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Who is Beelzebul?

The name Beelzebul is not found anywhere else in the Bible. Where did it come from in the Gospel accounts?

In an incident recorded three different times in the synoptic Gospels (Matthew 12:24; Mark 3:22; Luke 11:15), Jesus is accused of casting out demons by Beelzebul. In all accounts, Beelzebul is said by the accusers of Jesus to be the “prince of the demons”, and even to be in possession of Him. Jesus rejects this claim by pointing out that Satan doesn’t drive out his own team. Satan doesn’t drive out Satan. It was the Pharisees, the religious leaders, who had accused Jesus of operating by the power of Beelzebul as a way of dealing with or countering Jesus’ powers of exorcism.

Another problem existed with their claim though, exorcism wasn’t just practiced by Jesus, some of the Pharisees themselves apparently cast out demons, Jesus said to them, “And if I drive out demons by Beelzebul, by whom do your people drive them out?” (Matthew 12:27a).

“There was a tendency in Judiasm to expose foreign gods as demonic imposters, even changing the spelling, pronunciation, or the meaning of their name to reflect this.

Today, it is not the strange-to-us accusation of demon possession that bothers readers of the Gospel, but rather the identification of Beelzebul. Who was this entity to these first century Jews?

We know he was seen as an evil spiritual power of sorts, the Prince of the demons, and Jesus seems to equate him with Satan in His defense that, “Satan doesn’t drive out Satan.” But it’s a peculiar fact that in no surviving contemporary sources or Jewish traditions or writings is the name Beelzebul mentioned, though several names for Satan are mentioned.

In the fourth century AD, we see Beelzebul being interpreted as another name for Satan based off of Jesus’ quick assertion in verse 26 (Athanasius, Bishop of Alexandria, in “On the Incarnation”), perhaps, even overlooking the apparent distinction made between the two in verse 27. At any rate, it is still a few hundred years after the fact and doesn’t help us to really understand how Jesus’ original hearers would have understood the term.

One option is to link this Gospel use of “Beelzebul” with a mention in 2 Kings 1:2 to the Philistinian god of Ekron, “Baalzebub”. In 2 Kings, the ungodly Israelite King Ahaziah, son of Ahab, had injured himself severely and sent messengers to go inquire of this Baalzebub. The Angel of the Lord has the prophet Elijah intercept these messengers and send his message back to the king: Because of his unfaithfulness to God, Ahaziah will die (v.6). The rest of the story includes more messengers of the king dramatically being burned up by heavenly fire.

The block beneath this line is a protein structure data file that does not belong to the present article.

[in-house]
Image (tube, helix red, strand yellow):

So, if the Pharisees were alluding to this passage, it certainly would have been a direct way of condemning Jesus. The people were wondering if Jesus was the Son of David, the Messiah in the kingly line (Matthew 12:23). The Pharisees, then, would be saying Jesus is more like the imposter Ahaziah, son of an evil king and pagan queen, whose allegiance lay with the evil god of Ekron. Furthermore, association with this pagan god lead to the fiery deaths of the king’s associates. In other words, Jesus was an evil spiritual imposter, allegiance to whom would lead to the direct judgment of God.

There’s a lot more that can be said about the interesting linguistic changes that seem to have been made from Baalzebub back to its proper name Baalzebul, but for now it is sufficient to know that there was a tendency in Judiasm to expose foreign gods as demonic imposters, even changing the spelling, pronunciation, or the meaning of their name to reflect this (homophones). In this case, the writers of the Old Testament changed Baalzebul, meaning “Lord of the High Place (Heavens or Temple)” to Baalzebub, which means “Lord of the Flies” or “Dung”.

 

Corie Bobechko | September 29, 2020 – 3:15 PM EST


• Stein, Bradley L. “Who the Devil is Beelzebul?” Bible Review 13.1 (1997): 42–45. https://www.baslibrary.org/bible-review/13/1/13
• Czire Szabolcs. 2018, In: Benyik György (ed.): Hellenistischer und Judaistischer Hintergrund des Neuen Testaments. Szeged: JATE Press 2018. 69-81.
https://www.academia.edu/43671906/The_Beelzebul_Controversy_A_Mediterranean_Cultural_Reading
• Todd Klutz. ‘Beelzebub, Beelzebul. II. New Testament’, pp. 742-43, vol. 3 in Hans-Josef Klauck et al. (eds.), The Encyclopedia of the Bible and Its Reception (Berlin: Walter de Gruyter, 2011).
https://www.academia.edu/36267165/Beelzebub_Beelzebul_II_New_Testament
• “Beelzebul.” Oxford Biblical Studies Online.
http://www.oxfordbiblicalstudies.com/article/opr/t94/e242
• “Beelzebub (Beelzebul, Baalzebub).” BibleGateway.
https://www.biblegateway.com/resources/encyclopedia-of-the-bible/Beelzebub-Beelzebul-Baalzebub
• Kaufman Kohler, “Beelzebub or Beelzebul.” Jewish Encyclopedia.
http://www.jewishencyclopedia.com/articles/2732-beelzebub

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